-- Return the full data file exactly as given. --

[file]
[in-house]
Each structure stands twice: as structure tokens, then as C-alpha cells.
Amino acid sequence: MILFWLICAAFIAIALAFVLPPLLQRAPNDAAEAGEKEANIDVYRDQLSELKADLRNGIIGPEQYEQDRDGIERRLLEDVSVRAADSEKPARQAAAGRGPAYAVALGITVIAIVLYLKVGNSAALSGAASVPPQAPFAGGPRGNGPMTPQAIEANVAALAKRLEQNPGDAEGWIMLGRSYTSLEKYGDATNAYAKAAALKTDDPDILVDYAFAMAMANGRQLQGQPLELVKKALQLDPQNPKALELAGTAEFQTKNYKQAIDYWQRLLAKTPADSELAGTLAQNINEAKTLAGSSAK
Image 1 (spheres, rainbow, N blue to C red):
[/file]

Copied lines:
[in-house]
Each structure stands twice: as structure tokens, then as C-alpha cells.
Amino acid sequence: MILFWLICAAFIAIALAFVLPPLLQRAPNDAAEAGEKEANIDVYRDQLSELKADLRNGIIGPEQYEQDRDGIERRLLEDVSVRAADSEKPARQAAAGRGPAYAVALGITVIAIVLYLKVGNSAALSGAASVPPQAPFAGGPRGNGPMTPQAIEANVAALAKRLEQNPGDAEGWIMLGRSYTSLEKYGDATNAYAKAAALKTDDPDILVDYAFAMAMANGRQLQGQPLELVKKALQLDPQNPKALELAGTAEFQTKNYKQAIDYWQRLLAKTPADSELAGTLAQNINEAKTLAGSSAK
Image 1 (spheres, rainbow, N blue to C red):